Health insurance for immigrants in the U.S. illegally — 33%/62%
This was another flashpoint in an earlier debate, but not Thursday. Instead, mentioned more often were Dreamers, people who were brought to the U.S. illegally as children. Giving them citizenship is a far more popular policy issue than health insurance for those in the country illegally. Warren and O'Rourke did argue for Dreamers' relatives to also get citizenship, but it's not clear whether that's popular with voters.
Abolishing the death penalty — 36%/58%
This didn't come up Thursday night. Criminal justice reform, yes, something President Trump has pursued. The death penalty – no.
Medicare for All as a replacement to the current health care system — 41%/54%
This was the major subject of the night. Nothing creates a debate within the Democratic Party quite like health care. That's because it routinely ranks as the top issue for Democrats, and their candidates have given it quite a bit of thought over the years. If the individual mandate was the health care debate point of the 2008 campaign between Barack Obama and Hillary Clinton, Medicare for All is this year's.
And, as noted earlier, Sanders and Warren were left on their own to defend it, mostly from Biden, Klobuchar and Buttigieg. By the way, Medicare for All as an option, rather than replacement, is far more popular – 70% of Americans think it's a good idea.
What about guns?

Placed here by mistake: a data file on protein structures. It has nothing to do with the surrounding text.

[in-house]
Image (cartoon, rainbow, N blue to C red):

Klobuchar noted that everyone on the stage is in favor of an assault-style weapons ban. That is a remarkable thing considering just how controversial it is in public debate, but the latest NPR/PBS NewsHour/Marist poll found a ban fairly popular overall – 57% want Congress to pass it (but only a small minority of Republicans).
4. Did Sanders and Warren maintain their nonaggression pact?
Yes. Sanders and Warren did not go after each other, but notably Sanders was under fire from Biden and others, who used his professed democratic socialism as a foil to paint Sanders and his policies as extreme.
That allowed Warren to use Sanders as something of a heat shield. Sanders seemed irked by it all. One wonders whether the detente shall hold if Warren's numbers continue to rise and surpass Sanders.
5. What kind of chances did candidates needing a breakout take?
If prior debates saw candidates cautious in the kinds of chances they would take, Thursday night saw lower-polling candidates take more risks and throw more Hail Marys. Yang tried his competition stunt. Klobuchar went for broke in the moderate lane.
O'Rourke, who was in full reboot mode of his candidacy, said he is in favor of reparations for African Americans as recompense for slavery, called Trump a "white supremacist" and added, "Hell yes," when asked whether he is going to take away assault-style weapons as president.
Castro forcefully went after Biden and took a big risk, accusing him of "forgetting" what he said earlier (four different times) — something that, to many, looked and sounded like an assault on the 76-year-old Biden's mental acuity. Castro argued after the debate that he was right on the merits, but the approach left a sour taste for many who saw it.
New Jersey Sen. Cory Booker said flatly that Trump is a "racist" and called for an office in the White House to deal with the problem of white supremacy and hate crimes.
So will any of that work? For what it's worth, Klobuchar and Booker seemed to deliver good performances, and O'Rourke made a mark, standing out more than in the first two debates.
There doesn't, however, seem to be much evidence from Thursday night's debate to suggest that the shape of the race for the Democratic presidential nomination was altered in any fundamental fashion.